No. While teachers retain their free speech rights, those rights must be exercised in accordance with District Board Policy while on the job and while at District events. Board Policy 9700.01expressly states: “students, staff members and District facilities shall not be used for any commercial advertising or otherwise promoting the interests of any commercial, political, nonprofit or other non-school agency or organization, public or private, without the approval of the Board or its designee.” The Board of Education has not authorized the teachers to promote theAssociation or its collective bargaining interests by issuing flyers or literature to students or members of the public on District property. Violations of Board Policy can result in the implementation of disciplinary action.

When is the next meeting?

Collective bargaining between the Board and the Association is under the jurisdiction of a Federal Mediator. The Board cannot compel the Association to come to the bargaining table, and instead must rely on the Association to cooperate with the Federal Mediator in scheduling dates to bargain. Following the September 17, 2019 negotiations, the Board offered three dates of October 7, 14, and 16 to meet with the Association and the Federal Mediator again. Those dates were rejected by the Association, and the Board was not offered alternative dates.

The Board will attend any mediation session scheduled by the Federal Mediator and will continue bargaining in good faith. The Board hopes that the Association will do the same.

The Board received notice on 9/23/19 that the OGCTA had made a request to meet with the Federal Mediator on October 17, 2019.  The Board agreed to this date immediately.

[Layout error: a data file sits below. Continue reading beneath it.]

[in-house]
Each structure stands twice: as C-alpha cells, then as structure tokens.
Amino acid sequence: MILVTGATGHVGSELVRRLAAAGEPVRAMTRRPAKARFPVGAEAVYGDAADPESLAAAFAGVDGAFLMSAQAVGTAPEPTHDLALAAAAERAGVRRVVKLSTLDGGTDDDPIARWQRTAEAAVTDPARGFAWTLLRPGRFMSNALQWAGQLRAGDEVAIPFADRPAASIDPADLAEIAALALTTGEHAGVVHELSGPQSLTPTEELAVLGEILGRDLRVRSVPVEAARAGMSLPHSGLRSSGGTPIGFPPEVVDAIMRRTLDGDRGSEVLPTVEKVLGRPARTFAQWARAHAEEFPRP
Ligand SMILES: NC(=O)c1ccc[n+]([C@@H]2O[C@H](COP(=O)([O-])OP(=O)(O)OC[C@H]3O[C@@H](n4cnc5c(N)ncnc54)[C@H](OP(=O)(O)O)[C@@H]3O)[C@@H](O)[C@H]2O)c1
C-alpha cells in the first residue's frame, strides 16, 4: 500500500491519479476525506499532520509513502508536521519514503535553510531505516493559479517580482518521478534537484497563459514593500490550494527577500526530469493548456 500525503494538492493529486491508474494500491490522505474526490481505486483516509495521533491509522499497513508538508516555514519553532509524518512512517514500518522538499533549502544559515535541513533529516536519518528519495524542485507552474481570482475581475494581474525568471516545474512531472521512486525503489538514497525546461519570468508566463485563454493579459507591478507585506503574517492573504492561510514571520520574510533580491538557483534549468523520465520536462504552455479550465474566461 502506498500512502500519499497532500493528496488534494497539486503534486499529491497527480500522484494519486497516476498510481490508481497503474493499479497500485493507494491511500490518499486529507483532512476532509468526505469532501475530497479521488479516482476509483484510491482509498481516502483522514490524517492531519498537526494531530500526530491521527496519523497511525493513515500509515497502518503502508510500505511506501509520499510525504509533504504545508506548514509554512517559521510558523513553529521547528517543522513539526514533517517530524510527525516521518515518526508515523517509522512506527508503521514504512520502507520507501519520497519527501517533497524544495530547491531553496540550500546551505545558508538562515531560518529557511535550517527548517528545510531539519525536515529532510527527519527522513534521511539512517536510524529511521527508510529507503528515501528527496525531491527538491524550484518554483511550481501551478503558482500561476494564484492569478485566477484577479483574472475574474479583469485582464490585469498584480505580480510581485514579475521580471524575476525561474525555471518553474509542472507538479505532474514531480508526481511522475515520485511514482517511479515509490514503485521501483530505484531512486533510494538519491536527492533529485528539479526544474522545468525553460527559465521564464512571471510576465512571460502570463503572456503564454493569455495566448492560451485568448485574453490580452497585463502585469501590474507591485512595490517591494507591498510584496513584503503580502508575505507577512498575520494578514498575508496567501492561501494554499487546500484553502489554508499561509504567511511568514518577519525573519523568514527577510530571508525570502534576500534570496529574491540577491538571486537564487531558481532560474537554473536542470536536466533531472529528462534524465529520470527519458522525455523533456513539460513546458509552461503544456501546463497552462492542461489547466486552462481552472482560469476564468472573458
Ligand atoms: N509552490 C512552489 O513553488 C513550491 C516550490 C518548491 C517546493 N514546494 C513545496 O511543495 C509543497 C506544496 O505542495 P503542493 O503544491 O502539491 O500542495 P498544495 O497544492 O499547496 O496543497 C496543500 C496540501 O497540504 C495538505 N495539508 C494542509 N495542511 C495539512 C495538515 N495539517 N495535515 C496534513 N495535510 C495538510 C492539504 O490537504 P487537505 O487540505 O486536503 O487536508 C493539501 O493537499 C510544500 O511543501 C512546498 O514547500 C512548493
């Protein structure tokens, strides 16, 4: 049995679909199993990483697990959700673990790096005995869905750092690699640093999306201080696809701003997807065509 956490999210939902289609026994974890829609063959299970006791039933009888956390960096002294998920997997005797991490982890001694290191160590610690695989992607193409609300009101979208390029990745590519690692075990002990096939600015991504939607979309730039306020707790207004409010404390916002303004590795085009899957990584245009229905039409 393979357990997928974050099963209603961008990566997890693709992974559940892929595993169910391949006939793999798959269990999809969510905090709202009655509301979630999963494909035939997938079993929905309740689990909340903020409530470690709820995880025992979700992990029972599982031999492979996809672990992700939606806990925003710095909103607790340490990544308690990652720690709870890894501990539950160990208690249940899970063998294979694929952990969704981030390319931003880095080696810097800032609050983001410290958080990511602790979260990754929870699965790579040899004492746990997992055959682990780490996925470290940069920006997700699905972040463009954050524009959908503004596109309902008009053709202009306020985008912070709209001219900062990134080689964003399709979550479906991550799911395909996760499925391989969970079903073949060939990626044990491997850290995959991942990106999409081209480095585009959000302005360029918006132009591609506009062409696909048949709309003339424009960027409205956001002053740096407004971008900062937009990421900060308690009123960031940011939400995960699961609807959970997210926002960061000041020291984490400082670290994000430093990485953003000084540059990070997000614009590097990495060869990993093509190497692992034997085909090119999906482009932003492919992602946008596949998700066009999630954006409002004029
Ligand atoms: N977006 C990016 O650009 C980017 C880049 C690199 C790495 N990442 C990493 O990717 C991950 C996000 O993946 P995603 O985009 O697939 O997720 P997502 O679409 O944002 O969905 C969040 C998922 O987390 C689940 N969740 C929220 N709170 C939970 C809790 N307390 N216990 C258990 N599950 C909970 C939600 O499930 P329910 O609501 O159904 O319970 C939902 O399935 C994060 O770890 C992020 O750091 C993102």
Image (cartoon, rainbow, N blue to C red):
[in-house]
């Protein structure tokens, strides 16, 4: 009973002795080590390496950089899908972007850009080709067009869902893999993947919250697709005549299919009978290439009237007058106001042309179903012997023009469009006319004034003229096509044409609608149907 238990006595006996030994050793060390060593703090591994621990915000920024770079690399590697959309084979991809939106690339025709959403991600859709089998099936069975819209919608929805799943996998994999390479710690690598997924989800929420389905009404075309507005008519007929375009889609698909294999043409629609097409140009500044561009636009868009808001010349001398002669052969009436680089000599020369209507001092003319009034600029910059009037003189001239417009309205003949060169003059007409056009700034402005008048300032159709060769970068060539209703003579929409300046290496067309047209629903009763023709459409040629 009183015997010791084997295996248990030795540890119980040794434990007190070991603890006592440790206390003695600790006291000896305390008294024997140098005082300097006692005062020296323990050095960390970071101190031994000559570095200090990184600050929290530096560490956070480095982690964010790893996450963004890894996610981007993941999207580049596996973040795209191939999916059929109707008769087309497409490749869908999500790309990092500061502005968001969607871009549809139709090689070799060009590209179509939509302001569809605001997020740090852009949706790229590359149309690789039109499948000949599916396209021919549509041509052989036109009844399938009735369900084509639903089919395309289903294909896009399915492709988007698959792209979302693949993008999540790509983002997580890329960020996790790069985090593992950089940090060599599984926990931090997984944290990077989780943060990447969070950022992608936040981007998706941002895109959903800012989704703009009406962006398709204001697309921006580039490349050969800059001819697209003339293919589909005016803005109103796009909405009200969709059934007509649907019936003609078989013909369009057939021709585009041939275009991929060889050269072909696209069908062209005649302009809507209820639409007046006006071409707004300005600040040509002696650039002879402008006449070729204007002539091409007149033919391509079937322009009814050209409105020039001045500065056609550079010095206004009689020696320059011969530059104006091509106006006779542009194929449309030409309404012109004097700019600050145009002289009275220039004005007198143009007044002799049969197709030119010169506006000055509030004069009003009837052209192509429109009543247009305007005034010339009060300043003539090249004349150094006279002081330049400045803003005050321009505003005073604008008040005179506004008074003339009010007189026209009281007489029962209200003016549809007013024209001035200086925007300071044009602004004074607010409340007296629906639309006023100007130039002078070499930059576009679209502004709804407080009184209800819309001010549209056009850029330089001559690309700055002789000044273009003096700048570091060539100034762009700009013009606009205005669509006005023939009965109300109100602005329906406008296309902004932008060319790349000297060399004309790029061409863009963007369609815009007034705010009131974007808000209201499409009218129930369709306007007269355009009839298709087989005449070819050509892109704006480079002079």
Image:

Is money an issue in the negotiations?

Yes. It is an issue on both sides of the negotiating table. One of the common tactics used byteachers’ unions is to claim that money is not an issue in the negotiations. Money is definitely an issue in these negotiations.

Has the Board committed an “Unfair Labor Practice” against the Association?

No. The Association filed an unfair labor practice (“ULP”) with the State Employment RelationsBoard in January, 2019. SERB has not issued a definitive ruling on the matter, and it is presently under the jurisdiction of a SERB Mediator. The Association filed another ULP against the Board in June, 2019. SERB dismissed that ULP with prejudice for lack of probable cause to believe that ULP had been committed.

Has the Association committed a ULP against the Board?

The Board filed a ULP against the Association on July 23, 2019, in response to comments about collective bargaining made by Association President Nicole Ruhe, which were published in thePutnam County Sentinel. The Board alleges that Ms. Ruhe’s comments amount to “direct dealing”and bad faith bargaining in violation of R.C. 4117.11.(B)(3). The ULP Charge is currently pending before SERB.

What is “work-to-rule” and why are teachers doing it?

When teachers engage in “work-to-rule,” they are performing the absolute bare minimum of workthat is required of them under the terms of the Negotiated Agreement. For example, as soon as the contractual work day ends, teachers leave the premises in unison, rather than stick-around for a few extra minutes to help students, talk to parents, or plan with their administrators for the following school day. Some teachers do this to try to put additional pressure on the District’sadministration during collective bargaining. It is unfortunate that some District teachers have resorted to this tactic. However, the Board will not let the lack of cooperation from teachers harm the educational experience of the District’s students.

Where can I find a copy of the current Negotiated Agreement?

The Board’s current Negotiated Agreement with the Association is available on SERB’s website at: https://serb.ohio.gov/wps/portal/gov/serb/documents-and-decisions/collective-bargaining- agreements/collective-bargaining-agreements